Hearing Correction is Good for You

There’s a lot more to hearing loss than just sound. Getting a hearing test and using professionally fitted hearing aids—when recommended by a hearing healthcare professional—is an important way for people with hearing loss to safeguard their mental health and quality of life. Here’s why:

[1] Ignoring hearing loss hurts quality of life. Research shows that when left unaddressed, hearing loss is frequently associated with other physical, mental, and emotional health issues that diminish quality of life. Depression, withdrawal from social situations, a lessened ability to cope, and reduced overall psychological health are just some of the conditions associated with unaddressed hearing loss.

[2] Addressing hearing loss boosts mood. People with untreated hearing loss often feel angry, frustrated, anxious, isolated, and depressed. But research shows that when they use hearing aids, their mental health often rallies. Many regain emotional stability, become more socially engaged, feel a greater sense of safety and independence, and see a general improvement in their overall quality of life.

[3] Using hearing aids can help bolster self-confidence. Research shows that when people with hearing loss use hearing aids, many feel more in control of their lives and less self-critical. One BHI study found that the majority of people with mild and severe hearing loss felt better about themselves and life overall as a result of using hearing aids.

[4] Good communication enriches relationships and social support. Healthy relationships rest largely on good communication. In one BHI study, nearly 7 out of 10 participants reported improvements in their ability to communicate effectively in most situations because of their hearing aid use. More than half said using hearing aids improved their relationships at home, their social lives, and their ability to join in groups. Many even saw improvements in their romance.

[5] Today’s hearing aids are better than ever and virtually invisible. Dramatic new technological advances have revolutionized hearing aids in recent years. Many are virtually invisible, sitting discreetly and comfortably inside the ear canal. Some are even waterproof or rechargeable. Best of all, they’re wireless. That means they’re able to stream sound from smartphones, home entertainment systems, and other electronics directly into your hearing aid(s) at volumes just right for you. Simply, today’s hearing aids help people of all ages maintain active, healthy lifestyles.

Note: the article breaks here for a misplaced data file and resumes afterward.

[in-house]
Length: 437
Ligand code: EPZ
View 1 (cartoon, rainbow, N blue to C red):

[6] Unlock your earning potential. Hearing your best at work helps you do your best. One study found that using hearing aids reduced the risk of income loss by 90 to 100 percent for those with milder hearing loss, and from 65 to 77 percent for those with severe to moderate hearing loss. And people with hearing loss who use hearing aids are more likely to be employed than their peers who don’t.

[7] Open the door to greater intimacy. Don’t let those sweet nothings go unheard. Feeling emotionally close to your partner is one of the most satisfying aspects of any intimate relationship. But it rests on good communication. When hearing loss goes unaddressed, it can make even the most loving partner seem remote or unresponsive. Luckily, research shows that using hearing aids can help improve interpersonal relationships – including greater intimacy.

[8] Pull the plug on stress and boost your mood. People with untreated hearing loss often feel angry, frustrated, anxious, isolated, and depressed. But research shows that when they use hearing aids, their mental health often rallies. Many regain emotional stability, become more socially engaged, feel a greater sense of safety and independence, and see a general improvement in their overall quality of life.

[9] Bolster your self-confidence. An important perk of using hearing aids can be enhanced emotional well-being. Research shows that when people with hearing loss use hearing aids, many feel more in control of their lives and less self-critical. One Better Hearing Institute (BHI) study found that the majority of people with mild and severe hearing loss felt better about themselves and life overall as a result of using hearing aids.

[10] Improve cognitive functioning. Studies out of Johns Hopkins linked hearing loss with accelerated cognitive decline in older adults and found that seniors with hearing loss are significantly more likely to develop dementia over time. BHI studies found that many people with hearing loss report improvements in their cognitive skills with the use of hearing aids.


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